Pages' optional word-count display is a small box that annoyingly hides part of the editing window and can't be moved to the sidebars or anywhere else on screen. In an Office-centric world, you need to open and create Word documents in both. DOC and. DOCX formats, and Pages does an impressive job. Most Word documents that I opened in Pages came through the conversion process with all formatting intact. When I saved Pages documents in Word format, Word opened them smoothly, complete with advanced features like comments.

Version History In many ways, the current version of Pages is a step backward from the version in an older version of the suite called iWork '09—the last version that was officially called iWork and shipped on a DVD.

How to apply consistent text formatting in pages

Apple is gradually restoring features that got dropped when it replaced the file format used in iWork '09 with the format used in the current version, but a few significant features are still missing. The old version of Pages, for example, had a more flexible page-layout mode that let you flow text from a text box on one page to a box on another, so you could create leaflets with text that continued the first page to a later page. Also, the old Pages supported all the high-end typographic features built into OS X, including custom-designed small-capitals not ordinary capitals reduced in size and alternate characters for fancy fonts like Zapfino.

If you select some text and press Cmd-T in the current Pages, you'll open the OS X Fonts dialog, where you can click on the gear in the upper left and access a Typography menu that lets you access the features available in the current font.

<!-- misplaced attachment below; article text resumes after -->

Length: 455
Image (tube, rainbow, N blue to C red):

You can still access that menu from the new version of Pages, but the options don't have any effect on the text. All these options are available in OS X's TextEdit—which has an option to work like a miniature word processor—but not in Pages. You can easily find an iWork '09 DVD on eBay for around ten bucks, and it may be worth having if you're looking for advanced typography in Pages, but keep in mind that you'll give up the spacious layout and iOS compatibility of the current version.

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Either way, it costs a lot less than Office, has all the power you need for most word processing tasks, and boasts the most elegant and easy-to-maneuver interface of any word processor or page layout program ever made. Its major weakness in the Office-centric world is that it doesn't have an option to save in Word format by default.

If it does the jobs you need to do, and you don't mind taking an extra step to export a document in Word format when you need to share it, Pages is one of the rare apps than can make work seem like pleasure. Bottom Line: Pages has the easiest-to-use interface of any advanced word processor, and is all that many Mac and iOS users will ever need.

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Dragon NaturallySpeaking 13 Home. Edward Mendelson has been a contributing editor at PC Magazine since , and writes extensively on Windows and Mac software, especially about office, internet, and utility applications. This newsletter may contain advertising, deals, or affiliate links.